• Cognizant entered into an agreement to acquire Collaborative Solutions, a privately held global consultancy specialising in Workday enterprise cloud applications for finance and human resources.
  • CyberArk acquired Thoma Bravo’s Idaptive in a move that will enable CyberArk and Idaptive to deliver the industry’s only modern identity platform with a security-first approach.
  • DocuSign acquired Seal Software, one of the leading contract analytics and artificial intelligence technology providers.

Vantage Capital fully exited its investment in fibre-to-the-home operator Vumatel.

  • EQT acquired Freepik Company, freemium provider of digital visual content.
  • F5 Networks acquired Shape Security, a fraud and abuse prevention company.
  • Facebook acquired Giphy, whose animated image library will be integrated into Instagram.
  • General Atlantic will invest $870 million in Jio Platforms, a fourth deal that takes investment in the company to over $8 billion in less than a month.
  • Goldfinch Partners agreed to acquire Vesta, a provider of fraud protection and payment tech services for telecommunications and e-commerce companies.
  • HCL Technologies acquired Cisco’s Self-Optimising Network technology.
  • HOOQ, a joint venture that includes Singtel (majority owner), Sony Pictures and Warner Bros Entertainment, applied for liquidation. It also terminated its partnerships with Disney's Hotstar and Indonesia's VideoMax.
  • Intelsat filed for Chapter 11 bankruptcy protection in order to reorganise its debt situation and arrange a financial restructuring.
  • IHS Markit acquired Catena Technologies, a global regulatory trade reporting firm based in Singapore.
  • India's anti-trust body is looking into allegations that Google is abusing its market position to unfairly promote its mobile payments app in the country.
  • Insight Partners led an investment in Semperis, a developer of a cyber security platform designed to identify risks and manage data breaches for government agencies and other organisations.
  • Keysight Technologies, a software testing company, agreed to pay €350 million for UK-based rival Eggplant.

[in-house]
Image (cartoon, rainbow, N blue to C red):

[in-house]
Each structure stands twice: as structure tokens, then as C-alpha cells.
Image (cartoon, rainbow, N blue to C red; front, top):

• Intel acquired Moorit, the Israeli public transit app maker; and Rivet Networks, in a move designed to boost WiFi offerings for its PC products.
  • KKR is set to invest $1.5 billion in Jio Platforms, as well as Silver Lake ($750 million) and Vista Equity Partners ($1.5 billion). In addition, Microsoft is considering a similar investment.
  • Liberty Global and Telefonica SA agreed to merge their British businesses in a $38 billion deal.
  • Microsoft agreed to buy networking software firm Metaswitch and acquired Softomotive, a provider of robotic software to automate tasks.
  • Nvidia plans to acquire data centre networking specialist Cumulus Networks.
  • MobileIron acquired incapptic Connect, a provider of mobile app release automation software.
  • Ontario Systems acquired SwervePay, a provider of payment software for the revenue management and healthcare industries.
  • SoftBank plans to raise as much as $2.9 billion by selling a 5% stake in its Japanese wireless subsidiary, the latest in a series of asset divestitures. Founder Masayoshi Son said he would sell off about $42 billion in assets, including shares in Alibaba Group Holding and $20 billion of T-Mobile US. In addition, a unit of SoftBank Group-backed Indian ride-hailing company Ola will buy Amsterdam-based electric scooter company Etergo as part of its plan to locally build electric vehicles.
  • Sony will turn its financial arm, Sony Financial Holdings, into a wholly-owned unit through a tender offer worth about $3.72 billion.
  • Telecom Italia has agreed to acquire Noovle, a digital consulting company.
  • Tencent Holdings has invested a 5% stake in Afterpay, the Australian buy-now-pay-later firm; and a 20% stake in Japan’s Marvelous, a games maker. It is also considering an investment in Warner Music.
  • China-based Tecnon (Fujian) Commercial Lighting Co plans to acquire all the shares of two semiconductor companies, Upstar Technology and SCE.